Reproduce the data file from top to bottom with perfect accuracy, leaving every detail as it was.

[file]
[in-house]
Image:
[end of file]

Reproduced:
[in-house]
Image: